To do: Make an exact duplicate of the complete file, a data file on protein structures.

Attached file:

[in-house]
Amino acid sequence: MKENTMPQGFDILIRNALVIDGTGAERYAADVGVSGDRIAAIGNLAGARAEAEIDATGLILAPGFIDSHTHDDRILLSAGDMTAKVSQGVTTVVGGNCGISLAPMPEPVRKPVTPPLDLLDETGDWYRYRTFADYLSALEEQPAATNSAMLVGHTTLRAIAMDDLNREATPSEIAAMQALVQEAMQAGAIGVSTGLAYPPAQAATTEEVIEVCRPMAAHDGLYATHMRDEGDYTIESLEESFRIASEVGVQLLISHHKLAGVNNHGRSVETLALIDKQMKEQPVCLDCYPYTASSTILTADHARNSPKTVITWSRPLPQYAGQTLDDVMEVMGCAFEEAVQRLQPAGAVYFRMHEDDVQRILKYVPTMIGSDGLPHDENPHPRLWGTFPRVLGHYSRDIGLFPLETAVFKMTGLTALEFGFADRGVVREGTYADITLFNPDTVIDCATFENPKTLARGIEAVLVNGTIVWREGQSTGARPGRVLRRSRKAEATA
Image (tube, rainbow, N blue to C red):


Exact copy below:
[in-house]
Amino acid sequence: MKENTMPQGFDILIRNALVIDGTGAERYAADVGVSGDRIAAIGNLAGARAEAEIDATGLILAPGFIDSHTHDDRILLSAGDMTAKVSQGVTTVVGGNCGISLAPMPEPVRKPVTPPLDLLDETGDWYRYRTFADYLSALEEQPAATNSAMLVGHTTLRAIAMDDLNREATPSEIAAMQALVQEAMQAGAIGVSTGLAYPPAQAATTEEVIEVCRPMAAHDGLYATHMRDEGDYTIESLEESFRIASEVGVQLLISHHKLAGVNNHGRSVETLALIDKQMKEQPVCLDCYPYTASSTILTADHARNSPKTVITWSRPLPQYAGQTLDDVMEVMGCAFEEAVQRLQPAGAVYFRMHEDDVQRILKYVPTMIGSDGLPHDENPHPRLWGTFPRVLGHYSRDIGLFPLETAVFKMTGLTALEFGFADRGVVREGTYADITLFNPDTVIDCATFENPKTLARGIEAVLVNGTIVWREGQSTGARPGRVLRRSRKAEATA
Image (tube, rainbow, N blue to C red):